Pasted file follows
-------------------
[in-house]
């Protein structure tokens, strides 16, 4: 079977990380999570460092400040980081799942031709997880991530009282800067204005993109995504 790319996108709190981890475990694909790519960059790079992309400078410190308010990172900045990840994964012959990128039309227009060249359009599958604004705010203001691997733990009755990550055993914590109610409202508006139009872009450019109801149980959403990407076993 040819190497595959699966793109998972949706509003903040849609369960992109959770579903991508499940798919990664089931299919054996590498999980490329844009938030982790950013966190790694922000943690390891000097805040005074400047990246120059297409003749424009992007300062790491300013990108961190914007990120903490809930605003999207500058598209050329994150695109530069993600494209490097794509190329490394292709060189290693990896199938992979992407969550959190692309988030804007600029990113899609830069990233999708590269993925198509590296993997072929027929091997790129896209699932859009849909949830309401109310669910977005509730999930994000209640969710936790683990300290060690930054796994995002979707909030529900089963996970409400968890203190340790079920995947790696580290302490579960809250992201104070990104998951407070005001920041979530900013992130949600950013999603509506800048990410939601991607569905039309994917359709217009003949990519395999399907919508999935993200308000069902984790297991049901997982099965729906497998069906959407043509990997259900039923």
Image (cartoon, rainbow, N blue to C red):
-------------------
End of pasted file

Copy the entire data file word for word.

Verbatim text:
[in-house]
């Protein structure tokens, strides 16, 4: 079977990380999570460092400040980081799942031709997880991530009282800067204005993109995504 790319996108709190981890475990694909790519960059790079992309400078410190308010990172900045990840994964012959990128039309227009060249359009599958604004705010203001691997733990009755990550055993914590109610409202508006139009872009450019109801149980959403990407076993 040819190497595959699966793109998972949706509003903040849609369960992109959770579903991508499940798919990664089931299919054996590498999980490329844009938030982790950013966190790694922000943690390891000097805040005074400047990246120059297409003749424009992007300062790491300013990108961190914007990120903490809930605003999207500058598209050329994150695109530069993600494209490097794509190329490394292709060189290693990896199938992979992407969550959190692309988030804007600029990113899609830069990233999708590269993925198509590296993997072929027929091997790129896209699932859009849909949830309401109310669910977005509730999930994000209640969710936790683990300290060690930054796994995002979707909030529900089963996970409400968890203190340790079920995947790696580290302490579960809250992201104070990104998951407070005001920041979530900013992130949600950013999603509506800048990410939601991607569905039309994917359709217009003949990519395999399907919508999935993200308000069902984790297991049901997982099965729906497998069906959407043509990997259900039923």
Image (cartoon, rainbow, N blue to C red):